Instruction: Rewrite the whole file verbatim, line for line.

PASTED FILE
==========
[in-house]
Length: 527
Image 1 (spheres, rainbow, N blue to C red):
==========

[in-house]
Length: 527
Image 1 (spheres, rainbow, N blue to C red):